Consider the following two homework scenarios…
Student A arrives home from school, has a snack and tells her mom about her day. She heads to her room, completes her homework and reports back in thirty minutes that she finished. She states that she doesn’t understand why homework is even assigned because it is just so EASY!
Student B arrives home from school, has his snack and immediately begins complaining about his homework. He is full of dread and states that he just doesn’t understand why he has to complete it. He talks about how HARD it is going to be and how long it is going to take. He hates homework! His afternoon and evening is spent working on his assignments.
Do either of these sound familiar? Maybe your child falls somewhere in the middle. Regardless of how our children feel about homework, the level of difficulty, or how long it takes, it will be assigned. Students and parents alike will continue to ask the question…
Is homework really worth the time and effort?
Homework can provide an increased understanding of concepts taught at school. Giving students extra practice, allows those concepts to be committed to each student’s long term memory. Good homework reinforces what is taught at school. When homework follows the 10-minute rule (10 minutes of homework per grade level), these benefits are the greatest for high school students. Good study habits develop because of daily homework. Children may also gain a sense of personal responsibility and increased independence because they learn to manage their time and expanding their organizational skills.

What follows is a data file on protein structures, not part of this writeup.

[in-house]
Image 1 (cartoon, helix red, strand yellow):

If homework levels exceed the 10 minute rule, students begin to feel overwhelmed and unmotivated. Too much homework causes stress for the student and family. Kids become burned out because excessive amounts of homework takes away from family time and extra curricular activities. Homework can be difficult for some students due to lack of resources and parental support in their own homes. Other students struggle with homework as a result of individual learning differences. Often students feel defeated because they didn’t fully grasp the concepts when they were introduced in class.
No Definitive Answer:
Ultimately, whether homework impacts a child negatively or positively, depends on each situation. There are too many factors involved to truly know which children benefit, or to say that all homework is beneficial for all students. The type of homework, the amount of homework assigned, the type of learner, and the availability of home support all contribute to each student’s homework experience. The best we can do, is to provide a supportive environment to teach children how to navigate homework. Courtney Evenchik’s article, “Homework and Power Struggles” has great advice for setting students up for success at home.
Written by: Elizabeth Hipwell, M.Ed.
Certified Barton Reading & Spelling Tutor Dyslexia Consultant